The table contains critical values for two-tail tests. For one-tail tests, multiply α by 2.

If the calculated Spearman’s rho is greater than the critical value from the table, then reject the null hypothesis that there is no correlation.

See Spearman’s Rho for details.

Thanks for this usefull table. However, I’m working with tables of thouthands of values. How could I find the Spearman’s Rho table for up to 70000 samples?

Thanks in advance for your help and advises

Aurélie

I don’t have a table for large values of n. Instead you can use the approach described on the following webpage:

http://www.real-statistics.com/correlation/spearmans-rank-correlation/spearmans-rank-correlation-detailed/

Charles

Thanks for the web, it is very insightful.

However, I have only looked at Spearman and Kendall, and I may be wrong, but I have the serious impression that when you say that to get the one-tailed test one should multiply alpha times 2, I think it should be actually the opposite, i.e., divide alpha by two.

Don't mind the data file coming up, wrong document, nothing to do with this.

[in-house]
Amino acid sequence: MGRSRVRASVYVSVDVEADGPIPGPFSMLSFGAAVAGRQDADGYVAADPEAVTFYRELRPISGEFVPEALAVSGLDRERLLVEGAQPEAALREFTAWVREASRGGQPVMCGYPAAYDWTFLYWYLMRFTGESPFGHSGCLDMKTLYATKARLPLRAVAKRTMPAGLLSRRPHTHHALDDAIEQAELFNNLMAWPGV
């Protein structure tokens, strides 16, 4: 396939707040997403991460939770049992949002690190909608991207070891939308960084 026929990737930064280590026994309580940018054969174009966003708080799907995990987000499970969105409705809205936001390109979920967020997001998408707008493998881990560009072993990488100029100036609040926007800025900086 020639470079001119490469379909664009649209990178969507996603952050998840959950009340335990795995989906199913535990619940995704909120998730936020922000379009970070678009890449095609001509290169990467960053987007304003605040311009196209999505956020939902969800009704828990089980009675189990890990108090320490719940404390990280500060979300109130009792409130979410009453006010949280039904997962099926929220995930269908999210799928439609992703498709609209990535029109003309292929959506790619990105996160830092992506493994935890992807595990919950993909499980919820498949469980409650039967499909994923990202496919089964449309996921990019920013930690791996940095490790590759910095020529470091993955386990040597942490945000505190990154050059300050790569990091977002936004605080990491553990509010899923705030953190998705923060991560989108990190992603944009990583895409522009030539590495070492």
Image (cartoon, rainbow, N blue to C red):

Thanks,

B.

It really depends on how you look at it, but it any case the table is for the two-tailed test, and so if you want say the critical value for the one-tail test where alpha = .05, you need to find the value in the (two-tail) table where alpha is .1 (i.e. double).

Charles